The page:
Winnipeg Jets see Jacob Trouba as 'a big part of our future'

WINNIPEG, MB - APRIL 3: Jacob Trouba #8 of the Winnipeg Jets hits the ice prior to puck drop against the Minnesota Wild at the MTS Centre on April 3, 2016 in Winnipeg, Manitoba, Canada. (Photo by Jonathan Kozub/NHLI via Getty Images)
Jacob Trouba of the Winnipeg Jets hits the ice prior to puck drop against the Minnesota Wild at the MTS Centre on April 3, 2016 in Winnipeg, Manitoba, Canada. (Getty Images)

During a Monday teleconference, Winnipeg Jets general manager Kevin Cheveldayoff indicated newly re-signed defenseman Jacob Trouba, who had previously requested a trade, was still part of the team’s long-term plans.

Trouba had asked to be dealt last May and remained without a contract until he inked his two-year, $6 million deal with the Jets on Monday. Cheveldayoff said Trouba could join the team as soon as Tuesday.

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“We’ve been interested in signing Jacob all summer and certainly I think the statement we made during this process was we’re going to continue to look at an opportunity to bring Jacob back into our fold and be a part of our future and a big part of our future,” Cheveldayoff said.

When asked if Trouba had rescinded the trade request, Cheveldayoff pointed out that he wouldn’t discuss further details of the negotiation. Trouba has yet to publicly comment on the contract.

“Whatever conservations that happen between management and agents or management and players or coaches and players, all of those things are private,” Cheveldayoff said.


Trouba asked for a trade because of a desire to play the right side on defense. In Winnipeg he was stuck behind Dustin Byfuglien and Tyler Myers on the depth chart and didn’t see much of an opportunity to move over. Cheveldayoff was asked if he had talked with coach Paul Maurice about Trouba’s role, and the GM said the goal was to get Trouba signed and then figure out how the team would employ the 22-year-old blue liner.

As a rookie in 2013-14, Trouba notched 29 points and scored 10 goals in 65 games as he appeared to be on his way towards becoming a top pair defenseman. Since then he hasn’t scored more than seven goals or 22 points.

“I haven’t had a lot of conversations with Paul through the process,” Cheveldayoff said. “Again, until they’re ready to go or contracts are signed, you just let them unfold on their own time.”

There’s a belief that the Jets could still trade Trouba, despite the new deal. Trouba’s agent Kurt Overhardt, represented Ottawa Senators forward Kyle Turris when Turris held out from the Arizona Coyotes five years ago and requested a trade. Turris signed a two-year bridge deal with Arizona on Nov. 22, 2011 and was traded to Ottawa on Dec. 17 of that year. He cashed in on a five-year $17.5 million contract when his bridge deal ended.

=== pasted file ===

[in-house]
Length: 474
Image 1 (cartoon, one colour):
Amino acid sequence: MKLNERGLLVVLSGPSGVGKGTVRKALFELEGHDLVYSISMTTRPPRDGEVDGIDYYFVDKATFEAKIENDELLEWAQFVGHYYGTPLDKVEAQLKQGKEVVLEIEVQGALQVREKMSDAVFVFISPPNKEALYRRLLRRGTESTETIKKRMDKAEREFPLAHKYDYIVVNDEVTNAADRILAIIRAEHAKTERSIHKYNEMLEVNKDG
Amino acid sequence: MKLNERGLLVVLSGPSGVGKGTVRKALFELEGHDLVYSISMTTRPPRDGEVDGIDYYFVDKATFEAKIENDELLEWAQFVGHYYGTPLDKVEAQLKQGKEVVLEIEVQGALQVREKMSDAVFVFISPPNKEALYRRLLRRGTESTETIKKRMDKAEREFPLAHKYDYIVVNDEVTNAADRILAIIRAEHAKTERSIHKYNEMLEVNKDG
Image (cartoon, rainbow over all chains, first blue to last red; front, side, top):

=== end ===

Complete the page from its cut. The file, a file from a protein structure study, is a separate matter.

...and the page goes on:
Cheveldayoff was adamant that an eventual trade wasn’t promised as part of Trouba’s decision to sign. When Trouba initially requested the trade, the Jets said, “any decisions made regarding Jacob Trouba will be made in the best interest of the Winnipeg Jets Hockey Club.”

Said Cheveldayoff, “We’re here to announce his signing and the excitement that’s there and he gets the opportunity to re-join his team and get on the ice. When he plays, I’m not sure how that will all play itself out yet with respect to getting in the lineup, but we’re excited to be announcing Jacob is a Winnipeg Jet today.”

Cheveldayoff said playing in Winnipeg and Canada both weren’t issues for the U.S. born Trouba.

“From the very onset, Jacob didn’t have a problem playing in Winnipeg and didn’t have a problem playing in Canada,” Cheveldayoff said. “Now that I can comment, I can at least comment on that.”


It’s unclear how the hockey mad fans of the Jets will react to Trouba when he returns. Trade demands tend to sting fan-bases and Trouba will likely have to play his way back into their good graces. Cheveldayoff doesn’t see this as being an issue.

“What I believe is Jacob will go out, he’ll play hard and I think the things that brought the fans towards liking him in his first three years, I think you’re going to see those things occur again,” Cheveldayoff said. “Certainly he’s going to help our team to win, which is ultimately what everyone in the stands wants to see.”

Cheveldayoff believes Trouba’s teammates won’t have a problem welcoming him back into the locker room. Hockey is a business and they understand trade requests and contract squabbles are common in today’s game.

“Everybody that’s in this game knows there’s a business side to the game,” Cheveldayoff said. “There’s the contracts, the CBA all the things that I guess make the game tick are there. When players are in the dressing room that’s their family, that’s their team, that’s their bond when someone is out for whatever reason those are things that teams should deal with but certainly within the room I think he’ll be welcomed back and it’s an exciting time to continue our building process.”

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Josh Cooper is an editor for Puck Daddy on Yahoo Sports. Have a tip? Email him at or follow him on Twitter!